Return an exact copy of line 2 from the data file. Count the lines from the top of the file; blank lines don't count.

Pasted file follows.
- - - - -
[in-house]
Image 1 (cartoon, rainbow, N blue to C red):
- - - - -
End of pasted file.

Image 1 (cartoon, rainbow, N blue to C red):